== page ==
thumbnail Fig. 1

How different measures of X-ray emission scale with hardness ratio for stars of different masses. The hardness ratios and levels of X-ray emission were measured by ROSAT and collected using the NEXXUS database (Schmitt & Liefke 2004). The blue and red points represent stars with masses below and above 0.65 M respectively. The three quantities of interest are X-ray luminosity (left panel), X-ray surface flux (middle panel), and X-ray luminosity divided by the bolometric luminosity (right panel). In order to calculate FX and RX we estimate the surface areas and the bolometric luminosities by assuming and .

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3. The correlation between X-ray surface flux and coronal temperature

In this section, we show in a more comprehensive way that there exists one universal relation between coronal temperature and FX and derive a simple scaling law between the two quantities. For this purpose, we collect coronal temperature estimates from the literature based on multi-temperature emission measure distribution (EMD) fits to high-resolution Chandra and XMM-Newton spectra. Our sample contains 24 stars in total with masses ranging from ~0.1 M to ~1.2 M, including the Sun. For each EMD, we calculate the coronal average temperature by assuming that the logarithm of the average temperature is the emission measure weighted average of the logarithm of the temperatures of each component (Güdel et al. 2007; Johnstone et al. 2014), i.e. (1)where the sums are over all measured components of the EMD with each component having an emission measure of EMi and a temperature of Ti, and EMtot = ∑ iEMi. Stellar radii, FX values, values, and the references for our sample of stars are given in Table 1.

We make the assumption that the coronal temperature, stellar mass, and LX can be related by (2)where a, b, and c are parameters to be fit to the sample. The interesting parameter here is c since its best fit value is dependent on which measure of emission correlates best with coronal temperature. If LX is the best parameter, then c ≈ 0.0; if FX is the best parameter, then c ≈ −1.6; if RX is the best parameter, then c ≈ −3.9. We define our goodness-of-fit parameter, X, for a given set of values for a, b, and c, as (3)where the sum is over all stars given in Table 1 and γi is a parameter that we use to weight the importance of certain stars in our fit. In order to make the set of low mass stars have the same importance in our fit as the larger set of higher mass stars, we assume γi = 1 for all stars with masses above 0.5 M and γi = 4 for all stars with masses below 0.5 M. To find the value of c, we fit the free parameters in Eq. (2) for each value of c between –5 and 1. In Fig. 2, we show the best fit value of X as a function of c. The best fit value of c is –1.45, which shows that coronal temperature correlates with FX much better than with LX and RX.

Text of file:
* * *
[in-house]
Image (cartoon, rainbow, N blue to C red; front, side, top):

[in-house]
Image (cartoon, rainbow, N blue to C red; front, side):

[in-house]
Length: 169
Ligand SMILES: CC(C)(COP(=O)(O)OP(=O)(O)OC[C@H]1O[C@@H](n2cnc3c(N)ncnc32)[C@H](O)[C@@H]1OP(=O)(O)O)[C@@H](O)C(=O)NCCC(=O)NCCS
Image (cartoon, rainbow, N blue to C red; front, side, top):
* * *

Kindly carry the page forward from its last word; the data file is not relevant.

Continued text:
Table 1

Properties of our sample of stars shown in Fig. 3.

thumbnail Fig. 2

Best fit parameter, X, against the fit parameter c. For each value of c, we fit Eq. (2) to the sample of stars given in Table 1 and calculate X from Eq. (3). The three vertical dashed lines show the value of c that correspond to the different measure of X-ray emission and the dotted vertical line shows our best fit value of c.

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That FX is better than LX and RX can be easily seen in Fig. 3 and is most clear from the two lowest mass stars in the sample, SCR 1845 and Proxima Centauri. Our best fit line in the upper panel of Fig. 3 is given by (4)where is in MK and FX is in erg s-1 cm-2. Our result is consistent with the relation provided by Telleschi et al. (2005) for just the solar analogues in the sample. Despite the large range of masses, all of our stars fit this relation excellently, providing confirmation of our conclusion that one universal scaling law exists between FX and coronal temperature.

4. Conclusions

It is very clear that the emission measure weighted average coronal temperature scales very closely with X-ray surface flux. Our scaling law between FX and coronal temperature can be used to accurately estimate the coronal average temperature of any low-mass main-sequence star when the value of FX is known. Alternatively, FX can be roughly estimated based on the star’s mass and rotation rate (Pizzolato et al. 2003; Wright et al. 2011; Reiners et al. 2014). The scaling law that we derive could be useful as input into coronal models (e.g. Jardine et al. 2002) and stellar wind models that scale wind temperature with coronal temperature (Holzwarth & Jardine 2007; Johnstone et al. 2015a,b).

thumbnail Fig. 3